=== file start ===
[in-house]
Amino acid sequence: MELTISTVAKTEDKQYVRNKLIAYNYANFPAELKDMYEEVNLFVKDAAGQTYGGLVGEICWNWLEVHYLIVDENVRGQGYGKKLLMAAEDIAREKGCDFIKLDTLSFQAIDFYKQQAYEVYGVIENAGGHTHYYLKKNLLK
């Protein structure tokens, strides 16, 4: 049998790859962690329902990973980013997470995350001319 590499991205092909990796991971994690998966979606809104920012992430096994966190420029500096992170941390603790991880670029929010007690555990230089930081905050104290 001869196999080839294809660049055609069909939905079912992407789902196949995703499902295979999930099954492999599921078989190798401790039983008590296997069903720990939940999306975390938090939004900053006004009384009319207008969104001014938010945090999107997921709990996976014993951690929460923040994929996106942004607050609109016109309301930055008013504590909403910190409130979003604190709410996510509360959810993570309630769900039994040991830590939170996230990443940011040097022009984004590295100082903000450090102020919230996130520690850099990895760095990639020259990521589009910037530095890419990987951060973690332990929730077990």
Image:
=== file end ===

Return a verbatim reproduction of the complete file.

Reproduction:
[in-house]
Amino acid sequence: MELTISTVAKTEDKQYVRNKLIAYNYANFPAELKDMYEEVNLFVKDAAGQTYGGLVGEICWNWLEVHYLIVDENVRGQGYGKKLLMAAEDIAREKGCDFIKLDTLSFQAIDFYKQQAYEVYGVIENAGGHTHYYLKKNLLK
């Protein structure tokens, strides 16, 4: 049998790859962690329902990973980013997470995350001319 590499991205092909990796991971994690998966979606809104920012992430096994966190420029500096992170941390603790991880670029929010007690555990230089930081905050104290 001869196999080839294809660049055609069909939905079912992407789902196949995703499902295979999930099954492999599921078989190798401790039983008590296997069903720990939940999306975390938090939004900053006004009384009319207008969104001014938010945090999107997921709990996976014993951690929460923040994929996106942004607050609109016109309301930055008013504590909403910190409130979003604190709410996510509360959810993570309630769900039994040991830590939170996230990443940011040097022009984004590295100082903000450090102020919230996130520690850099990895760095990639020259990521589009910037530095890419990987951060973690332990929730077990």
Image: